To be sure, people with severe intellectual disabilities should be supported and cherished in every way, but it’s a stretch to imagine them holding down a full-time (or even part-time) job. Further, people so diagnosed will clearly test the reasonable accommodation standard of the Rehabilitation Act and the Americans with Disabilities Act because accommodation will have to far exceed “reasonable” workplace supports.

Psychiatric disabilities: Just exactly which psychiatric disabilities are we talking about? How severe? Certainly, many people with some psychiatric disabilities function very well in the workplace. For example, someone with mild seasonal depression who takes appropriate medication will be able to meet job requirements. On the other hand, someone who is actively psychotic or delusional would have great difficulty holding down federal or other employment.

I suspect that the blending of physical and intellectual categories and not addressing levels of severity are deliberate.

Here’s why: The concept of disability has long since abandoned the “medical model” approach, where disability characteristics were defined by medical and psychiatric evaluations and assessments. It has been superseded by a “social model” of disability that holds, essentially, that there is no such thing as a disability, because we are all different, some more different than others, and that everyone can achieve whatever they want. In this context, the only reason people with disabilities, irrespective of the severity of their condition, are “disabled” is because society has done a poor job of accommodating “difference.”

Disability as social construction leads exactly to this fervently misguided approach of this FAA program. It raises many questions.

I’ll resist the obvious: Do we really want blind pilots or actively psychotic air traffic controllers?

I think the answer is no, but already airlines continue to bow to woke:

Some airlines are beginning to allocate two seats, only one of which the customer paid for, to accommodate severely overweight passengers. They are doing this because of social pressure from activists who claim discrimination because they don’t fit into a single plane seat.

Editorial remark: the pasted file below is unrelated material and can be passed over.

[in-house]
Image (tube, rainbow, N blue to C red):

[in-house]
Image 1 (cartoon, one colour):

And in 2022, Boeing changed the incentive focus among top executives from passenger and employee safety targets to an emphasis on achieving targets based on DEI and “climate change” – also in response to activists.  It’s reasonable to question whether this change in focus played into the series of apparent manufacturing and design issues with Boeing aircraft.

Big government and corporation proclamations of inclusion and diversity predictably lose the forest for the trees. Caught between momentum to do the right thing and misguided social policy, all that’s achieved is a nonsensical program that serves neither the disability community nor wider society.

At Able Americans we believe that real-world, market-driven solutions for the disability community – based in logic and tempered with compassion – are a clear path to true inclusion of people with disabilities, no matter their condition or its severity.

Able Americans

Mark P. Mostert, Ph.D. is senior researcher at Able Americans, the National Center’s project to support Americans living with intellectual, developmental and physical disabilities. This was first published at Human Events.

Author: The National Center